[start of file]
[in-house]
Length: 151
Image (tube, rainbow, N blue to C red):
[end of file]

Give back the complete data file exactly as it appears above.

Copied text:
[in-house]
Length: 151
Image (tube, rainbow, N blue to C red):